Victoria will continue its 12 year public-private partnership with Motorola, renewing the data network deal which links around 1000 devices in Victorian ambulances and police cars across the state.
The government has opted to extend the deal for at least another two years, at a cost of $41.5 million, rather than take over ownership of the network now the original PPP agreement has reached its expiry.
The data network links up 400 ambulance and 600 Victoria Police devices, including mobile data terminals installed in police cars and ambulances, plus laptops used on the front line.
The MDN went live in 2005, providing services primarily to police and ambulance staff in the Metropolitan region, but also switching users to other commercial networks when they roam beyond the installed region.
Its adoption has reportedly led to a 16 percent drop in use of already congested emergency services radio networks.
“MDN is an essential service for the state that enhances capability in the field and ultimately helps to protect and save lives across the state,” said Motorola Australia MD Steve Crutchfield.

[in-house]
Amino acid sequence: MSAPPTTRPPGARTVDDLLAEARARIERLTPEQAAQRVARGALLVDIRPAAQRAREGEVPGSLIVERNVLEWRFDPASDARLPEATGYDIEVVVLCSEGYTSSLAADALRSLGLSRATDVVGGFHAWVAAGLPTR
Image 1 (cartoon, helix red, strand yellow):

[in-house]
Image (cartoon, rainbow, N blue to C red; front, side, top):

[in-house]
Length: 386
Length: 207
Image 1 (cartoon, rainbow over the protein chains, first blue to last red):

Motorola says it will use the contract extension to trial a handful of new technologies, including 4G broadband and new mobile terminals. It believes that the new technology could lay the foundations for emergency services workers to securely connect their own personal devices to the network in the future, it the state decides to go down the BYOD path.
The MDN works alongside the digital encrypted Metropolitan Mobile Radio network and the unencrypted StateNet radio network still used in rural and regional areas.
Ahead of the Victorian state election the Labor party committed to spending $10 million to replace StateNet with a secure digital network.
The Motorola deal with continue to be managed by Victoria’s Emergency Services Telecommunications Agency (ESTA).